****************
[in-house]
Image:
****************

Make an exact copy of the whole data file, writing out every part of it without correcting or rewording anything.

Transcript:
[in-house]
Image: